CYP2B6 genotype-directed dosing is required for optimal efavirenz exposure in children 3–36 months with HIV infection

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To determine safety-specific, efficacy-specific and genotypic-specific dose requirements of efavirenz (EFV) in children aged 3 to less than 36 months with HIV infection.


IMPAACT P1070 was a 24-week prospective cohort trial of EFV (as open capsules) and two nucleoside reverse transcriptase inhibitors in children with HIV infection 3 to less than 36 months without tuberculosis (Cohort 1).


CYP2B6 G516T genotype was determined, and intensive pharmacokinetics was performed at week 2. EFV dose was adjusted if outside the target area under the curve (AUC) 35–180 μg*h/ml. Pharmacokinetic and CYP2B6 G516T genotype data were used to model EFV exposures based on Food and Drug Administration (FDA)-approved doses.


Forty-seven participants, median age 19 months, initiated the study regimen with 24 weeks median follow-up; 38 516GG/GT and 9 516TT genotypes. Initially, median EFV AUC was higher in 516TT vs. 516GG/GT (median 490 vs. 107 μg*h/ml; P = 0.0001) with all 516TT above AUC target. Following an amendment that reduced the 516TT EFV dose by 75%, pharmacokinetic modeling predicted that 83% of participants met the AUC target (31/38 516GG/GT, 8/9 516TT). In contrast, modeling using P1070 data predicted that FDA-approved doses would produce subtherapeutic AUCs in almost one-third of participants with 516GG/GT and excessive AUCs in more than 50% with 516TT genotypes.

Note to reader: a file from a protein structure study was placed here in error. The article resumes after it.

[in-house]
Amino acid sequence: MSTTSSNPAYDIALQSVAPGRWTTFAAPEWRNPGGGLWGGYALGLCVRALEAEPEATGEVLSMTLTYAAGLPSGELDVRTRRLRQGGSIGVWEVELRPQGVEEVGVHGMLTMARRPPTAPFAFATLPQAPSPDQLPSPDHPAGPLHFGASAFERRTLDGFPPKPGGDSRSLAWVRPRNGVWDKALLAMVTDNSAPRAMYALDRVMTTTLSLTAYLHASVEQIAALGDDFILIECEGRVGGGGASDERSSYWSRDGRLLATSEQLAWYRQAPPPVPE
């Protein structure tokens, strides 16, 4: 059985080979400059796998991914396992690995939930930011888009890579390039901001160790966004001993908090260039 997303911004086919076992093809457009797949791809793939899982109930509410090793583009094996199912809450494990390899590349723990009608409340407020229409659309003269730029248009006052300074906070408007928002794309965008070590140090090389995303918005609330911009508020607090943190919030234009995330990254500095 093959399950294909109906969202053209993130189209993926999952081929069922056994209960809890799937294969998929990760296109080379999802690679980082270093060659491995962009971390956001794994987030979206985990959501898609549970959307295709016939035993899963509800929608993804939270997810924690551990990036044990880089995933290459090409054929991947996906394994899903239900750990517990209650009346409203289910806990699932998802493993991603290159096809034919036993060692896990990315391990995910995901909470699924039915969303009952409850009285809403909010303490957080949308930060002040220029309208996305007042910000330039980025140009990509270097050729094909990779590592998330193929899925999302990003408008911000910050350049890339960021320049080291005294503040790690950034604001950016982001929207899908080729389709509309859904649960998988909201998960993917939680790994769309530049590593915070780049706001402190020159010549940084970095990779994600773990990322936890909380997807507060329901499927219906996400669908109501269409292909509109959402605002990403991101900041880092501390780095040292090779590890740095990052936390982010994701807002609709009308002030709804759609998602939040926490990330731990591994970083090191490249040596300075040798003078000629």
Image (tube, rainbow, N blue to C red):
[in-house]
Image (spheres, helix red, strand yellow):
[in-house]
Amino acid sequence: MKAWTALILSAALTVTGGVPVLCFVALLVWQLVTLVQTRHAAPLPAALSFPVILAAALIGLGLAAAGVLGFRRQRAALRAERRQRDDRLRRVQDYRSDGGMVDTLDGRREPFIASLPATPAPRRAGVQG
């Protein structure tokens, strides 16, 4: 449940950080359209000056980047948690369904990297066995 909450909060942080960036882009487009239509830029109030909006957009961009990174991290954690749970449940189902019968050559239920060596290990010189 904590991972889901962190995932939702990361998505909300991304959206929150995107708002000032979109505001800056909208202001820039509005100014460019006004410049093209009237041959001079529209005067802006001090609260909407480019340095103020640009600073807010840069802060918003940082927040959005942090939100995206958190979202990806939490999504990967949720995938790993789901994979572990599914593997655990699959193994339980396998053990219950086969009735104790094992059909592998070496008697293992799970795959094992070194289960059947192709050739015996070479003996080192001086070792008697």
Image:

CYP2B6 G516T genotype strongly influences EFV exposures in this age group. Genotype-directed dosing yields therapeutic EFV concentrations and appears to outperform other dosing approaches.

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